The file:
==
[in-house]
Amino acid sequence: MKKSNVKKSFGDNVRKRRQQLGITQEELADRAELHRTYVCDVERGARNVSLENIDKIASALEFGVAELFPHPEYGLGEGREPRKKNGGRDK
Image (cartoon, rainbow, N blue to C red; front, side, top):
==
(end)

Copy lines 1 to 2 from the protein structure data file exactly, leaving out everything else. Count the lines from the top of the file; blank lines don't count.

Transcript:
[in-house]
Amino acid sequence: MKKSNVKKSFGDNVRKRRQQLGITQEELADRAELHRTYVCDVERGARNVSLENIDKIASALEFGVAELFPHPEYGLGEGREPRKKNGGRDK